Need a way to utilize the trigger time in analysis functions.
'*' refers to now or snapshot values
Using timestamp('triggered attribute','*') only works if there is only one triggered attribute configured.
I've spent some time today trying to re-create the issue i had originally seen in the Tech Support case that generated this feedback item. I tried creating AF analyses from scratch using existing input tags that I was able to add 'in-order' and 'out of order' data into. I had also, previously, attempted to duplicate the original elements/analyses/tags from my tech support case and set the analyses back to the way they were before I had made changes to them.
The end result . . . i was not able to create any scenario that counters your premise . . . that '*' = trigger time. I am happy because the ramifications of this not being true is . . . . ugly . . . but i'm frustrated in having no way to explain the behavior i originally saw (as well as the fact that this premise still contradicts what was communicated to me supposedly from a Product Specialist via a Tech Support Engineer
I will again add the caveat that the original tech support case was on a system running AF 2017 R2 and we have since moved to AF 2018 SP2. I know specifically of a handful of items fixed between these two versions directly concern issues around automatic recalculation and analyses. I would not think any of these issues would have been related . . . but at this point I cannot say for certain whether one of those issues was causing the issue in someway that was not apparent at the time.
I am also still very much keeping a close eye on the usage of automatic recalculations in the new version as we have never been able to fully 'trust' auto recalc and have had continual problems with it performing as it should. I have two cases open now concerning discrepancies between results from backfilling vs results from normal running analyses using auto recalc. FYI
In response to James Voll, "Another comment . . . that may be the or..."
Good questions James. I'll need to get into more details to answer your questions, but I get the feeling that you do want more details :-).
There are a few things you need to be aware of in terms of the way we do data calls under the hood. If you're in PI System Explorer, if you select the "Evaluate" button, the data call under the hood is an InterpolatedValues call based on the client time. Thus, if you have an offset between the client time and server time, it is possible that when you select "Evaluate", you end up with values that are not the Snapshot. Let's say you have 5 seconds data in your PI Data Archive and your client is 2 seconds behind the server time, your interpolated call with the Evaluate button could be interpolated between the last two values.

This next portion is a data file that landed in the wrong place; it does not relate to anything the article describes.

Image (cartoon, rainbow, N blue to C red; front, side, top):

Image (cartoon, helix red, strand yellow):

Variable1='attribute1' and Variable1=TagVal('attribute1', '*') should give you the same result. Both should be in the context of the trigger time. So * in your example is the trigger time of attribute2, which is late arriving lab data.
Having said that, you should also consider the concept of * with respect to client and PI Analysis Service. When you're in PI System Explorer, and you perform TagVal('attribute1', '*') or 'attribute1', you will get back the InterpolatedValue based on the client time of "now". In PI System Explorer, when you select "Evaluate" you get back two values, one is value at the last trigger time and the other one is value at evaluation time (basically now). The value at last trigger time is based on the schedule. We added this feature a long time ago because the last trigger time may be a long time ago and in many cases is not the same as "now". Meanwhile when you're running the analyses in real time, the basis for time is PI Analysis Service so if there are time offsets between PI Analysis Service, PI Data Archive and PI System Explorer, you may get inexplicable results.